A novel insight on SARS-CoV-2 S-derived fragments in the control of the host immunity

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Despite all efforts to combat the pandemic of COVID-19, we are still living with high numbers of infected persons, an overburdened health care system, and the lack of an effective and definitive treatment. Understanding the pathophysiology of the disease is crucial for the development of new technologies and therapies for the best clinical management of patients. Since the manipulation of the whole virus requires a structure with an adequate level of biosafety, the development of alternative technologies, such as the synthesis of peptides from viral proteins, is a possible solution to circumvent this problem. In addition, the use and validation of animal models is of extreme importance to screen new drugs and to compress the organism's response to the disease. Peptides derived from recombinant S protein from SARS-CoV-2 were synthesized and validated by in silico, in vitro and in vivo methodologies. Macrophages and neutrophils were challenged with the peptides and the production of inflammatory mediators and activation profile were evaluated. These peptides were also inoculated into the swim bladder of transgenic zebrafish larvae at 6 days post fertilization (dpf) to mimic the inflammatory process triggered by the virus, which was evaluated by confocal microscopy. In addition, toxicity and oxidative stress assays were also developed. In silico and molecular dynamics assays revealed that the peptides bind to the ACE2 receptor stably and interact with receptors and adhesion molecules, such as MHC and TCR, from humans and zebrafish. Macrophages stimulated with one of the peptides showed increased production of NO, TNF-α and CXCL2. Inoculation of the peptides in zebrafish larvae triggered an inflammatory process marked by macrophage recruitment and increased mortality, as well as histopathological changes, similarly to what is observed in individuals with COVID-19. The use of peptides is a valuable alternative for the study of host immune response in the context of COVID-19. The use of zebrafish as an animal model also proved to be appropriate and effective in evaluating the inflammatory process, comparable to humans.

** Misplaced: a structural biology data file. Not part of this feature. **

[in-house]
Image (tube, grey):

Bastos TSB, de Paula AGP, Luz RBS, Eto SF, Fernandes DC. A novel insight on SARS-CoV-2 S-derived fragments in the control of the host immunity. Sci Rep. 2023 May; 13:8060. doi:10.1038/s41598-023-29588-8.
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